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Spring has sprung – spring equinox and Ostara marked today

20 Mar 2024 4 minute read
European hare. A key theme of Ostara. Image: Hans-Jorg Hellwig

Stephen Price

Today is officially the first day of spring – the date of the spring equinox, cyhydnos y gwanwyn in Welsh, and Ostara for modern pagans.

The equinox in the Northern Hemisphere occurs twice a year – around 20 March (the spring equinox) and around 22 September (the autumn equinox).

Equi nox

The equinox occurs between summer and winter solstices, marking the point the Sun crosses the equator’s path and is positioned exactly above the equator between the Northern and Southern Hemisphere.

During the equinox, day and night are approximately the same length which is evident in the word’s origin derived from the Latin equi (meaning ‘equal’) and nox (meaning ‘night’).

Earth at the September 2022 equinox. Image: NOAA’s GOES 16 satellite.

The spring equinox marks the beginning of spring – and from this day forward the day is longer than the night.  Similarly, the autumn equinox marks the start of autumn as the night becomes longer than the day.


It’s commonly (and forgivably, for all you pedants) believed that the day and night are of equal length at the equinox – its name clearly suggesting thus – although on the equinox, the length of day and night are only nearly equal.

This is because the Sun appears as a disk in the sky, and the top half rises above the horizon before the centre. As well as this sunlight is refracted by the Earth’s atmosphere. The Sun, therefore, appears to rise before its centre at the horizon, giving more daylight than you might expect (12 hours 10 minutes on the equinox).

The equilux is when day and night are equal and occurs a few days before the spring equinox, and a few days after the autumn equinox – this year being around 17 March in Wales.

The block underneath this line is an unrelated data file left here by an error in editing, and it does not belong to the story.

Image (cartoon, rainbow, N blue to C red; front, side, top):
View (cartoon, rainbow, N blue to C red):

Early civilisations found the equinox and other celestial events a useful way to keep track of the seasons, and many people continue to pay tribute to them just as our ancestors did.

At places of significance across the world, from standing stones and shore lines to ancient temples and mountain tops, people gather to watch the sun rise, and a new dawn begin. Nowruz, the Persian New Year, is still observed by millions of people today.

To the annoyance of holiday booking families, even the date of Easter itself is determined by the celestial event – its date falling on the Sunday after the first full moon following the equinox.


The festival of Ostara is also marked on the day of the equinox.

Ostara is a Pagan solar holiday honouring the spring’s warmth, light from the sun, and the awakening of the earth.

Pagan celebrations during this holiday usually have themes of balance, renewal and rebirth, with symbols of spring flowers, fairies, butterflies, rabbits (or hares for the traditionalist) and eggs.

Hare carving by Meical Watts. Image: Catherine Duigan

There is much debate in the Pagan community regarding the origins of Ostara due to the lack of primary sources, but one theory is that the name of Ostara came from the West Germanic/Saxon goddess Ēostre.

Saint Bede in the 8th century wrote: “Eosturmonath has a name which is now translated “Paschal month”, and which was once called after a goddess of theirs named Eostre, in whose honour feasts were celebrated in that month.

“Now they designate that Paschal season by her name, calling the joys of the new rite by the time-honoured name of the old observance.”

Another theory is that Eostre is more of a localised goddess in Kent. Despite the questions of her origins, Eostre has become firmly associated with modern-day Ostara.

‘Into the sensual world…’

Balance is a key theme of Ostara – the moment of tipping point when we are said to transition from our inner world into the outer sensual world of action.

Longer and warmer daylight hours ahoy!

Like the hardy Welsh daffodil (and fair-weather dog walkers who haven’t been seen since October), today is day one of a great awakening – time to wake from our hibernation, give our caves a spruce and turn to face the heat of the sun.

In the words of Lia Leendertz from her wonderful bestselling Almanac (Christmas or Yule gift idea from the gods and goddesses): “Now is the time to push our own heads up and out of the soil in the knowledge that we are deeply rooted.

“It’s time to dare to share our calling with the world, to take risks and journey forth.”

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